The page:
ADS-B Receiver and Server are Operational
A while ago I purchased a few of the RTL-SDR USB dongles for the purpose of exploring Software Defined Radio (SDR) and to also act as a poor-man’s spectrum analyzer. While cleaning some things up yesterday, I found these receivers and decided to see what I could use them for. I was surprised to learn about tracking and plotting aircraft via the ADS-B radio signals that many aircraft transmit. ADS-B is explained quite nicely on the Wikipedia page so I won’t get into that here. I found some information that talked about using a Raspberry Pi and one of these USB dongles to setup a ADS-B receiver and server. There are also ways to share data with aggregators, such as Flight Aware, PlaneFinder.net, and Flighttracker24, among others. Within about an hour I had this setup and working and it’s now pushing the receiver data to the three aforementioned servers using rather lightweight data packets.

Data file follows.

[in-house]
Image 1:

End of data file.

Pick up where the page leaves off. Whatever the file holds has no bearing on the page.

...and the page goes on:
When talking with my girlfriend, she asked me why I did this, “to sell?”, she asked. A good question, because I didn’t know why, really. I thought for a moment and said that I wanted to do it just to do it, for the experience; for the understanding. It is really the basis on which my entire career is built on; doing something seemingly useless, or something where I can foresee the outcome, purely for the sake of doing it and gaining the experience. Very often I am given a challenge in my career where some seemingly useless experiment has given me useful knowledge so that I could solve a real-life problem. While the experiment may seem useless at first, there are often a number of skills acquired along the way that help me to solve a real-world problem. Perhaps one day I will need to put together an ADS-B transceiver. In this case, I think I will be ready and able. Next stop: AIS?